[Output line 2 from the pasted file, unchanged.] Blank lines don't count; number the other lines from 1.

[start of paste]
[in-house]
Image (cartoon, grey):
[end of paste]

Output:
Image (cartoon, grey):